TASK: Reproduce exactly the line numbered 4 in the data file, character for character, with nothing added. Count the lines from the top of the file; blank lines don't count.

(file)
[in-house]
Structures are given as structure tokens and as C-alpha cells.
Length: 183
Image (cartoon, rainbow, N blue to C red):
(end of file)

Image (cartoon, rainbow, N blue to C red):